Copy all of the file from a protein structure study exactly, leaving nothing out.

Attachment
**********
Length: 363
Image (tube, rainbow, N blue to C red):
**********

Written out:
Length: 363
Image (tube, rainbow, N blue to C red):